The Best (and Worst) Moments From the 2022 Super Bowl Halftime Show
Snoop Dogg and Kendrick Lamar joined Dr. Dre on Sunday for a thrilling halftime performance at Inglewood’s So-Fi Stadium. High-energy and spectacular performances were a celebration of hip-hop and its development over the past 30 years. This was also a tribute to Inglewood and Los Angeles.
The performance marked the first time the halftime show lineup consisted entirely of hip hop headliners—a move that many saw as the NFL’s bid to connect with fans and artists alike after many felt alienated by the league’s stance on Colin Kaepernick’s national anthem demonstration against police brutality and racial injustice, as well as growing tensions around race in the league.
The 2022 halftime shows featured some of their best and most embarrassing moments.
Best: An affectionate tribute to Los Angeles, California and the West Coast
It’s been 29 years since the Los Angeles area has hosted the Super Bowl, so when it came to the halftime show, the performances felt like a love letter to the city. From the set, which featured nods to Los Angeles area landmarks like the legendary music venue Eve After Dark and Compton burger joint Tam’s Burgers #21, to the choreography, which involved Snoop Dogg, clad in Rams blue and gold, doing his signature crip walk, the show was an outpouring of West Coast pride—none more evident than when Dre and Snoop took to the stage to perform “California Love.” Of course, the most cogent show of love for the city of Angels was in the talent lineup; tapping Dr. Dre, the godfather of West Coast rap, and hometown heroes like Snoop Dogg, Kendrick Lamar, and Anderson .Paak made for a show that was truly unforgettable.
Top: Best surprise performances by Anderson.Paak & 50 Cent
As if having five titans of hip hop headlining the halftime show wasn’t already a wealth of talent, 50 Cent and Anderson .Paak made prominent surprise appearances during the show. 50 Cent performed a rousing rendition of his Dr. Dre-produced hit, “In Da Club,” even going so far as to roguishly recreate the music video for it by hanging upside down from the top of the set. Meanwhile, Anderson .Paak emanated pure joy as he played the drums during Eminem’s dynamic performance of “Lose Yourself.”
Best: Dr. Dre’s celebration and the 3 decades of Hip Hop
Dr. Dre was a musical legend that helped to elevate nostalgia. By building the show around Dre’s huge influence, it resulted in a rich display of how hip hop has grown and evolved over the last three decades, due in part to the rapper’s work in the industry as not only an artist and producer, but a collaborator and mentor. Indeed, Dre’s strong support of his co-headliners in many cases, helped build or even launch their careers; Snoop made his industry debut on Dre’s first solo album, while Eminem has long been considered his protege. Even Jay Z, whose Roc Nation co-produced the halftime show, in his early years as a rapper, worked closely with Dre—he’s credited with writing Dre’s verses for “Still D.R.E.”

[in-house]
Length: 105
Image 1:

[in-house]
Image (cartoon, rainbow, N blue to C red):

Best: Eminem kneels
Kneeling has become symbolic of former NFL quarterback Colin Kaepernick’s 2016 demonstration against police brutality and racial inequality, in which he kneeled during the national anthem, so it was a charged moment when Eminem knelt on stage after his performance of “Lose Yourself.” While Eminem did not explicitly state he was kneeling in solidarity with Kaepernick, the visual was powerful and sparked meaningful dialogue.
Worst: Kendrick Lamar’s missing Lyric on police
Since it was released in 2015, Kendrick Lamar’s “Alright” has served as a rallying cry against police brutality, even becoming a protest song for the Black Lives Matter movement and the 2020 national reckoning with structural inequality. It is about racism and injustice. The message calls for police brutality. While it’s unclear if Lamar’s lyric about police (“And we hate po-po”) was censored by the network or the rapper left it out, many found its noticeable absence egregious. Later in the show, Dr. Dre did perform the line “still not lovin’ police” from “Still D.R.E.”
Worst: Poor utilization of Mary J. Blige’s incredible talents and Kendrick L. Lamar’s enormous talent
With five headliners, there was never going to be enough time to showcase all the hits of every performer, but it’s a shame that for this show, it came at the expense of the talents of Mary J. Blige and Kendrick Lamar. While Blige performed her Dre-produced hit “No More Drama” and “Family Affair” phenomenally, it felt like just a taste of what could have been. Lamar had an even briefer stint, performing just a snippet of “m.A.A.d. city” and a version of his anthem, “Alright.”